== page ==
The Cross-Country Tour

The next type of tour is the cross-country tour, and it’s probably the type that comes to everyone’s mind when they think of a band hitting the road. It’s also likely the type of tour that people say bands shouldn’t take. To be honest, it can be expensive, especially with larger groups, and the risk of losing money is greater. If your band isn’t at the right stage of its career, or if the tour is poorly planned or poorly marketed, it could be a mistake.

So, how do you know if you’re ready? If your band:

  • has mastered the local and regional tour and performing live,
  • is gaining attention on a national level after regional tours,
  • has connections with artists, venues, and media across the country,
  • regularly performs multiple shows a week to sold-out (or nearly sold-out) venues,
  • has merch stockpiled and ready to sell,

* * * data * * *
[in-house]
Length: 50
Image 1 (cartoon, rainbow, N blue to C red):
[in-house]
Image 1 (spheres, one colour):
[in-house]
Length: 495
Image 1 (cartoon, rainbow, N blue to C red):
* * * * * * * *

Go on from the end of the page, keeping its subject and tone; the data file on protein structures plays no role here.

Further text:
• has new music ready to release and perform, and
  • has a ready resource of booking agents working for you,

then it might be a good time to plan a cross-country tour.

Cross-country tours do require some intense planning and networking. You’ll either need to utilize the tour-planning skills you developed from your local and regional tours plus all of your industry connections and your fan base, or you’ll need to bring someone on board to help plan it, or both.

We’ll get more in-depth on how to plan a tour in a future article. Now that you know the types of tours available and when they apply, we’ll address why touring, on any level, is important.

Why Touring Matters To Your Fans

It might be tempting to throw a swanky music video up on your website, retweet a fan or two, and sit back to strum your guitar, but, if that’s the extent of your willingness to connect with fans and get your music out there, you probably won’t go far. Retweeting your fans might give them a momentary thrill, but that thrill pales in comparison to what a good live performance can give them.